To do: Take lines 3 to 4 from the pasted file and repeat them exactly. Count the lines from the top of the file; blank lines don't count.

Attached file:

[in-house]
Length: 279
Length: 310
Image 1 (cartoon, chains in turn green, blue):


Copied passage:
Length: 310
Image 1 (cartoon, chains in turn green, blue):